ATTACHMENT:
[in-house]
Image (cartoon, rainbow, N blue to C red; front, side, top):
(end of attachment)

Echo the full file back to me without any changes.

[in-house]
Image (cartoon, rainbow, N blue to C red; front, side, top):